Sunday, November 16, 2014

Tana French: Broken Harbour

I'm not going to be long-winded now. This one is about the self-absorbed, rule-following detective known as Scorcher, that Frankie Mackey spoke of with such contempt in Faithful Place.  Turns out of course that Scorcher, Mick Kennedy, is a real person too, with a history and feelings. He is called to a murder scene in one of those ghost estates that litter Ireland after the end of the Tiger era - badly built and badly planned to start with, with no proper town planning infrastructure in place at all. (As a municipal employee that makes me furious, the way they could just buy land and start building. What sort of a half-arsed way is that to build a society, eh?) This place goes by the awful name of Brianstown (COME ON), but once it was Broken Harbour and when Mick Kennedy was a boy his family came her every year for two weeks of caravan holidaying in the summers, something to keep them going for the whole rest of the year.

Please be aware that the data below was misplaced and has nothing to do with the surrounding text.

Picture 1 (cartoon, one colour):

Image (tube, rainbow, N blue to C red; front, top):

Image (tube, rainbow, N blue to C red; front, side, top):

The basic set-up of the scene is grisly and suspenseful, but as I found with the other books it promises more than it delivers. I don't know why that is. Her writing is great and she crafts this mood around the place that makes me think that we're going to get the most un-thought of reveal EVER - it's just so weird. Two children dead in their beds, the father stabbed to bits in the kitchen, the mother next to him badly injured and just barely alive. Holes punched in the walls with cameras directed at them. No community around them, just the wind howling around mostly empty and falling-down houses. I was really intrigued. But then felt a bit flat at the end. What's that about?

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